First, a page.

- With the Fire on High by Elizabeth Acevedo – Although at first glance this book seems to be about a teen mom going after her dream of being a chef, it’s also a coming-of-age story about an Afro-Latina girl discovering who she is beyond the title of ‘daughter’, ‘granddaughter’, and ‘mother’, as well as the true meaning of love and family. Read my review here.
- The Dragon Republic by R.F. Kuang – The sequel to The Poppy War (read my review here) expands on the world that R.F. Kuang first built. The readers are taken beyond the borders of the Nikara Empire and see that the war doesn’t end with Mugen; instead, it involves even far-off Hesperia, and has more long-lasting repercussions than shaman Fang Run-in ever dreamed of.
- You, Me, U.S. by Brigitte Bautista – In this f/f romance, sex worker Jo and sales clerk Liza are best friends separated by their dreams. Jo finds herself falling for Liza, while Liza dreams of falling in love and marrying an American who will whisk her and her family off to a better life in the United States. Or at least, she does, until she begins to fall for Jo too. Read my review here.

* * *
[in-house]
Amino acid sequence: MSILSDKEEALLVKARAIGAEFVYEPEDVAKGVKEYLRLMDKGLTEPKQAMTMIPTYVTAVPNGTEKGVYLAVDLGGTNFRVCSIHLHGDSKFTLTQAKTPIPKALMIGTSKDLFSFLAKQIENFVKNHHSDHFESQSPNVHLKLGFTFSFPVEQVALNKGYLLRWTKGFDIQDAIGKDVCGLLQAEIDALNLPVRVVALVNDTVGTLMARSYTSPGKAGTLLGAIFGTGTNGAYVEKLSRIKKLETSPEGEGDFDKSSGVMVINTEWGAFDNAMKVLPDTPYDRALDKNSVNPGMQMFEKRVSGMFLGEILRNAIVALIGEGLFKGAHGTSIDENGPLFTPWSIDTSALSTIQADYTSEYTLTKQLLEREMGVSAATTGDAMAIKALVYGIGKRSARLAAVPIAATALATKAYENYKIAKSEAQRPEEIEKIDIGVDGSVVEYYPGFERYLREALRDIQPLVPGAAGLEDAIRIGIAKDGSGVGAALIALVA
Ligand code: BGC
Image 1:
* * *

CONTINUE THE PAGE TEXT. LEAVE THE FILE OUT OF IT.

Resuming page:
- The Candle and the Flame by Nafiza Azad – This was a beautifully slow-burn forced proximity romance between a powerful djinn and the woman he must now protect because of her newfound magical abilities. It takes place in the City of Noor, a melting pot for various cultures and ethnicities, which provides a beautiful backdrop for an unapologetically Muslim story. Read my review here.
- We Set the Dark on Fire by Tehlor Kay Mejia – Because of this book, I realised I have a new favourite genre: concubines/wives of a wealthy dictator fall in love with each other instead. But more than this beautiful enemies-to-lovers f/f romance, this book is about the gap between the privileged rich and the poor, and the struggle to revolutionise and win freedom back. Read my review here.
- My Fate According to the Butterfly by Gail D. Villanueva – Not only did I get an ARC of this beautiful book, I was also able to organise the tour along with Shealea and Cara! This tells the story of 10-year-old Sab and her encounter with addiction in her family, as well as other issues like colorism and classism. It’s unapologetically Filipino, and includes a ton of scenes, in-jokes, food, and places that Filipino readers living in the Philippines can definitely relate to. Read my review here.
- Hungry Hearts: 13 Tales of Food & Love by Various Authors – Hungry Hearts Row is a street full of restaurants, and is the setting of this anthology about the role food plays in love, family, and home. Read my review here.